And on the periphery we have:

Detective Sergeant Pace – male; detective; sergeant; object of Maeve’s…affections?; miserable sod.

Detective Sergeant Pace is a shadow.

Detective Sergeant Pace is paranoia.

Detective Sergeant Pace is losing.

See? Cheerful chappie. Just the kind of guy you’d want to be stuck in a lift with. Or the ideal dinner guest. 😉

And that is pretty much all I am going to say about the story and characters here. But that doesn’t mean that you can leave just yet. I have more to say about the book in general, so put your feet up, grab a drink, and hunker down for more thoughts:

Comfy? Good.

So, what else can I say about this book that won’t give anything away?

Well, I loved it. I truly did.

Make no mistake, this is one dark, dark book. It begins in the grimmest of fashions and it never really relents:

It doesn’t get you clean. Not that much bleach. Sure, there are face creams that you can buy that will help with dry skin or dark patches left from overexposure to sunlight and they’re clinically proven to help. But it’s a trace amount. And, for those suffering with eczema, a bleach bath may be recommended. Your dermatologist will tell you that the bleach can significantly decrease the infection of Staphylococcus aureus, a bacterium prevalent in those who are plagued by this skin condition. Still, it is recommended to use no more than half a cup of bleach in one half-filled bath of water. Because it won’t make your skin sparkle like it does your toilet basin. It will burn. It will blister. You will bleed. It will hurt like hell. Unless you’re already dead. It’s the moment before that hurts like hell. That drowning sensation you can sometimes experience when somebody much stronger than you forces their weight down against your windpipe. It’s the gasping for air that will hurt, not the bleach. And then there’s that weird buzzing in your ears as you die, and your face is discolouring, which makes it easier for coroners to determine the cause of death, though the compression marks on your neck are a huge giveaway. And the way your eyes are now protruding. They won’t know for sure about your tingling muscles or vertigo, and the bleach will take care of the blood that came out of your ears and nose.’

Now that’s how you start a book!

But don’t fear, there are moments of black humour to alleviate the darkness that permeates our characters lives:

‘I wanted a limoncello with ice and water. But there was no ice in the freezer. And I’ve never bought limoncello in my life. So I settled for the water. With a little whisky.’

With its short chapters and shifting perspectives (the story is told in both 3rd and 1st person narratives, but this never gets confusing),  the story insinuates itself into your brain and will linger long after you’ve turned over the final page and wiped the sweat from your brow.

It has more twists and turns than an orgy of snakes; the plot writhing about, constantly changing what you think you know and then slapping you hard in the face with the wet kipper of surprise.


fish slap.gif
This pretty much sums up Will’s plot for Good Samaritans: you are hit in the face several times with the Small Kipper of Surprise before being hit squarely round the head with the Sodding Great Kipper of OH MY GOD! and not just once. Prepare yourself for much jaw droppage.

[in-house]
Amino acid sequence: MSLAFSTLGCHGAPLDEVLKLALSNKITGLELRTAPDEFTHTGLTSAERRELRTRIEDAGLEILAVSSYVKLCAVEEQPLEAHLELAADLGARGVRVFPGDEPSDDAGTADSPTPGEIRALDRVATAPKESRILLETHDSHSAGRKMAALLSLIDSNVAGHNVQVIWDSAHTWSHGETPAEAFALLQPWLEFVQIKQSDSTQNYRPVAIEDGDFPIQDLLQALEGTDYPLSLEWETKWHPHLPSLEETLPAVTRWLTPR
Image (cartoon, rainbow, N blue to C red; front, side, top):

Oh, and this book is naughty. Like, full on top shelf naughty. This book should probably be sold in a brown paper bag.

Oh, my word toffees *fans self emoji*

Will does not hold back in his descriptions of the sexy shenanigans that go on between his characters. Crikey and indeed crumbs, there were many times where I felt I had to stop reading, light up a cigarette and follow it with a cold shower. And I don’t even smoke. Or like cold showers. Much flustering did ensue. Karen Sullivan (the Queenest of Bees at Orenda Books and Wielder of the Red Pen), told me that the unedited manuscript was even raunchier. I am now going to make it my life’s mission to accost Will and to read this unedited version. Purely in the interests of……..the interests of……..something?

The Thermometer of Naughtiness: a real and very accurate representation of the levels of sauciness reached in Good Samaritans.


But none of this naughtiness is gratuitous or just there to titillate (well, maybe just a little titillating; there may have been an underwear change at least once). Yes it is graphic, so if you are easily offended, or of a prudish mind, you may want to skip past those parts.

The promotional blurb for this book makes a big thing of the fact that Will Carver has Returned! It “sees [his] scorching return” and “He’s BACK!” Honestly, I didn’t even know he’d been away. I genuinely thought that this was his debut novel. Will also, it turns out, writes a series featuring a detective by the brilliant name of January David, currently standing at 3 books. How has this guy slipped through the net? I shall be checking those out tooty sweety. 👌


View More:
Will Carver: now there’s the face of a man who knows that he is making people squirm all over the world right now. He should come with a public health warning.


Sexiness and Swedish Erotica levels of naughtiness aside, what you have with Good Samaritans is a tightly plotted, wonderfully written, darker than a coal mine in a power cut story of trust, misplaced trust, deceit and the dangers that can come with the power that one can hold over a vulnerable individual. It is the darkest of psychological domestic noir; utterly gripping and compelling and, just like the smell of bleach, Good Samaritans will linger in your literary nose long after you have finished it.

As such, I am delighted to announce that Good Samaritans receives the inaugural (and possibly only):

the beardy book blogger (1)


Good Samaritans is out NOW in cellulose based paperback and electronic book:

Amazon UK; Amazon US; Book Depository


About young William:

Will Carver is the international bestselling author of the January David series (Arrow). He spent his early years in Germany, but returned to the UK at age 11, when his sporting career took off. He turned down a professional rugby contract to study theatre and television at King Alfred’s, Winchester, where he set up a successful theatre company. He currently runs his own fitness and nutrition company, while working on his next thriller. He lives in Reading with his two children.

Twitter: @will_carver


My heartfelt thanks and salutations to Karen Sullivan (Orenda Books), Anne Cater (Random Things Through My Letterbox) and of course Will Carver for allowing me to shout about this book for the blog tour. Check out all of the other awesome bloggers on the tour for more reviews, guest posts and most excellent content. 


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4 thoughts on “Good Samaritans – Will Carver @will_carver @orendabooks @annecater #GoodSamaritans #BlogTour